Wednesday, September 21, 2011

Sandra Ridley, Post-Apothecary

Post-Apothecary (Toronto ON: Pedlar Press, 2011), Ottawa poet Sandra Ridley's second trade poetry collection, begins with a single-poem “Prologue,” “Pulse”:

She is right handed, left. Retain the language nor the visual side.
She is hungry. She is nil-by-mouth.

She is a note hung over a bed, a metal trolley & swinging doors.
She is semi-prone & steadied & there are nights.

An onslaught of nights. On, off, oxygen ventilation. Reeled.
Rocked. A wet tangle of hair. Her hand swept over a bright eye.

She is making it all up.
Can't possibly see through a retinal slit, out the dilated corner of.
I've written before of her long prairie lines, of her horizon-lines stretching out into forever, such as the post I wrote after her reading with Christine McNair at Ottawa's first annual VERSEfest poetry festival in March 2011. Originally from Saskatchewan, Sandra Ridley is the author of the trade collection Fallout (Regina SK: Hagios Press, 2009) [see my review of such here], which won a Saskatchewan Book Award for Publishing, and the chapbooks Rest Cure (Ottawa ON: Apt. 9 Press, 2010) (which is included in the current volume) [see my review of such here] and Lift: Ghazals for C. (Saskatoon SK: JackPine, 2008), which co-won the 2009 bpNichol Chapbook Award. Awarded the Alfred G. Bailey Prize for the manuscript “Downwinders,” another manuscript of Ridley's, a collaboration with Ottawa poet Amanda Earl, recently shortlisted for Snare Books' Robert Kroetsch Award for Innovative Poetry.
Phial of Morphine

He seems nice. No. Not nice. Kind. No. Not kind. Humble. No. Not humble. Meek. No. Not meek. Quiet. No. Not quiet. Reserved. No. Not reserved. Taken aback. No. Not taken aback. Angry.


He seems angry.


He prefers a short skirt against bare leg, a rabbit in her lap,
a tattoo above her right knee.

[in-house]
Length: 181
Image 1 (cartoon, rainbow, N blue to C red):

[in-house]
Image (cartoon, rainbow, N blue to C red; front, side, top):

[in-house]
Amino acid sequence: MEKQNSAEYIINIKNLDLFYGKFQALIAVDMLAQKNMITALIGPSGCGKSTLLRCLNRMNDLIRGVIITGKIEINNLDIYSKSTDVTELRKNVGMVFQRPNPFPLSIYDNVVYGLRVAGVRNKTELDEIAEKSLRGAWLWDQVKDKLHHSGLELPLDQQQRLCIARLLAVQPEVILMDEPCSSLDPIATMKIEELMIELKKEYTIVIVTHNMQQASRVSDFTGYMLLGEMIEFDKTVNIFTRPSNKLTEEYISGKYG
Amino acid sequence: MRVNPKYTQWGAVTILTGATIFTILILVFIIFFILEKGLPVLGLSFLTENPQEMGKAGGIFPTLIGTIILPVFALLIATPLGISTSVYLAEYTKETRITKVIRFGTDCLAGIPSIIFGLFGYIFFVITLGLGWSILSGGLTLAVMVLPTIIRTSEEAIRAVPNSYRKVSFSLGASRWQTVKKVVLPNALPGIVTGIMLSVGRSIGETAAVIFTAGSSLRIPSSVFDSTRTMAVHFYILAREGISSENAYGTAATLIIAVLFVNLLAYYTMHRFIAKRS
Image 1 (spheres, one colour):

Faith in morphine, not god. A long list of lovers, delirious injections,
a sequence of broken glass, car crashes. The air in her room, stale smoke.


It was such a nice day – she was right to be wary. (“APOTHECARY”)
With “Prologue,” four sections, “Epilogue” and final “Clinical Note” to her Post-Apothecary, the construction around a single theme in fragmented poems that fractal reminds loosely of how American poet Cole Swensen constructs her own poetry collections. Both writers work to create longer sequences of loose narratives, writing threads of concept, and, as the back cover blurb to Ridley's collection by poet Elizabeth Philips attests, “Sandra Ridley's long poetic sequences document the isolating effects of institutional incarceration with an unflinching vocabulary of treatment and 'cure.'”

Nettle whipped to a muscle twitch & a kick : or her jaw clenched in trismus to a salt-lick blue : until a catatonic hum & a switch clicks & reflects her cornea lacking.

Flit of lid : I lash : I stroke : wet oubliette hole filling in : catacombed where she half-slept : unwatched & bleach-drunk : she : I clasp an ivy strand of hair : a penny from the wall.

Twined : trussed : dialated : light-blinded by the lift of a keyless latch : floor-pressed & false-succour numbed : an incubus susurrates with a red apple & an open palm : she unswallows him.

I in relation to : I in a different way : I in whole or in part : my sugar cube in her mouth keeps his taste away. (“PHANTASMAGORIA”)
Ridley's Post-Apothecary writes around trauma and possible treatments, around myriad physical, psychological and emotional injury and how they often get treated, not necessarily for the sake of improvement, but for the sake of dismissal, hiding the illness and therefore the ill, away. At the same time, Ridley's Post-Apothecary writes out the emotional refuse of living, and the difficulties that often come simply from existing, working through days and relationships and nights to find out just what is possible, and if happiness throughout the detritus of living is attainable. Ridley's Post-Apothecary is a complex and complicated book, deceptively small and gracefully beautiful, impossible to properly describe, and even more difficult to put down. The collection writes trauma and sorrow, writing out trauma, yet a slight lift at the end, in her epilogue, ending with:
When she did start talking, she said: Get a hold of yourself Ridley. You have got to get a hold of yourself. When asked what is wrong, the patient stated she is happy.


I am happy.

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